The use of mind-altering drugs has been associated with various mystical, magical, and shamanic rites. This is very appealing to the modern mind which is impressed by technological and materialistic explanations. Entheogens, or drug use for allegedly spiritual purposes, began to be widespread in the 1960s following the discovery of the psychedelic drug LSD and the ensuing publicity. The early adopters can be easily found, but we will focus on Timothy Leary, an erstwhile professor of psychology at Harvard University. He initially ran experiments with the drug as a form of therapy, but eventually began experimenting on himself and the group of acolytes who assembled around him.
Leary believed that psychedelics could open up the mind to greater spiritual experiences and encourage their use for explorers of the mind. The stars were aligned: the books of Carlos Castaneda came out shortly thereafter. Filled with wild tales of a Mexican shaman whose knowledge of plant-based drugs led to amazing powers, the books became the spiritual nourishment for many. The Beats became users as well as high profile entertainers. Even Alan Watts, after allegedly years of Eastern practices, eventually resorted to LSD experiments to learn about the “mystical experience”. For anyone who has spent hours at a Zen center walking in circles while chanting Buddhist texts, or sitting still in Zazen, the idea of an instant pill could sound truly appealing.
At any given moment we are bombarded with external sensations, a “blooming buzzing confusion” (William James), from which we choose a world. Simultaneously, although few pay attention to it, we are the receivers of thoughts of all types from various sources, or levels of reality. Normally, they dissipate or recede into the memory. Sometimes, the thoughts are powerful enough to come into our attention, then related thoughts latch onto each other, often producing a strong sensation. This may be as simple as reviewing plans for the day.
But the most powerful arise from the internal forces of eros and thymos, which, at the most primeval, are experienced as sex and violence. Hence, a sexual fantasy will totally engage our minds for an extended period, even to the point of affecting the body as if an actual sexual encounter were taking place. Fantasies arising from thymos usually take the form of domination, anger, revenge, and the like. Hence, we envision ourselves as wildly successful in some realm. Or we may recall a past slight, which even agitates the body. We will envision the cutting phrase we should have used against someone, but didn’t. It goes on and on.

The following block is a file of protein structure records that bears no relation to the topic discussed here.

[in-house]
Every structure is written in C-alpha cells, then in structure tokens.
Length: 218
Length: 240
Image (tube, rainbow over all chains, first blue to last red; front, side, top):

Most people, unfortunately, cannot shut these thought threads down. They may cause continuing anxiety and self-doubt. The neutralizing force, the nous, whose task is to dominate and channel the forces of eros and thymos, is too weak, or, in truth, is not even known. The nous must transcend these forces, fantasies, and thoughts, regarding them as arbitrary, contingent, and external to one’s true self. Instead, people regard these emotions, fantasies, and thoughts as their “own”, even though they are totally unaware of their true source.
Psychedelics work by slowing down the awareness of these impinging thoughts. Thus, a particular thought–that may be pushed aside by a stronger thought in the ordinary state of consciousness–instead can take hold in consciousness. Then, related thoughts can follow along in sequence producing an extended vision. This is called a “rush”, and is the pleasurable sensation associated with psychedelics. For artist and mystic types, these are regards as deep insights or creative inspirations. However, I have also seen those on a “bad trip”, during which the user experiences inconsolable anxiety, requiring an antidote such as thorazine.
It should be clear that the theory behind the use of enthogens for spiritual “enlightenment” is deeply flawed. It assumes that such enlightenment involves a particular experience, or set of experiences, that are somehow to be distinguished from all other experiences. This idea comes from the confusion of the psychic and the spiritual (Rene Guenon, The Reign of Quantity).
An intellectual conversion, the only thing that enlightenment can mean, involves the nous. The nous transcends the psychic, it transcends every experience whatsoever, whether a brilliant insight or a bad trip. Instead of moving from rush to rush, the mind becomes clear, thoughts separate from each other, are rarer, and seem heavier, or else are wispier, evaporating as soon as they appear. Such a man is free; by definition, then, it cannot depend on some biochemical agent.